A major company in China is in a state of disaster after its shares dropped while investors pulled out of a major expansion project.
Chinese e-commerce giant Alibaba has decided to abandon its plans to separate its cloud business and has halted the listing of its supermarket unit due to a decline in investor interest in the company’s restructuring efforts.
The decision comes after the company reported lower-than-expected earnings, leading to a 10 percent drop in its US-listed shares.
The company, based in China, initially announced in March that it would divide its operations into six units to boost shareholder value and spur growth. This move was initially well-received by investors, resulting in a 20 percent increase in the share price. However, the enthusiasm has since faded, partly due to diminished optimism about China’s economy following the end of Beijing’s controversial zero-Covid policy.
Alibaba’s cloud unit, once a significant driver of growth, experienced only a 2 percent revenue growth to Rmb27.6bn in the third quarter.
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Analysts attribute the waning interest in the restructuring to changes in the market environment and concerns about the subsidiaries’ current performance.
The decision to abandon the IPO for the cloud business is also influenced by uncertainties arising from US export controls on AI chips. Alibaba, a Chinese company, expressed concerns that these controls could adversely affect the Cloud Intelligence Group’s ability to offer products and services and upgrade technological capabilities.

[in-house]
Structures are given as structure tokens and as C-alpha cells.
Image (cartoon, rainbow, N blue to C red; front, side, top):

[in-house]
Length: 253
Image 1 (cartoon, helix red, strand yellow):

Additionally, the company’s third-quarter financial results fell below analyst estimates, with revenues reaching Rmb224.8bn ($30.8bn), below the Bloomberg consensus estimate of Rmb272bn.
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Despite this, Alibaba, headquartered in China, announced its first annual dividend of $2.5bn and revealed $15bn remaining for its $25bn share buyback program.
The cloud business, valued at $41bn by Goldman Sachs in March, has faced challenges, including sudden changes in leadership during the restructuring. Alibaba’s departing CEO, Daniel Zhang, was initially set to lead the cloud business but unexpectedly stepped down on the scheduled day. The company, based in China, is yet to appoint a new management team for one of China’s largest cloud businesses by market share.
In response to these developments, Alibaba’s new CEO, Eddie Yongming Wu, mentioned that the company, headquartered in China, is conducting a review of its corporate governance structure to “reawaken our entrepreneurial mindset,” as it navigates challenges and seeks to regain investor confidence.
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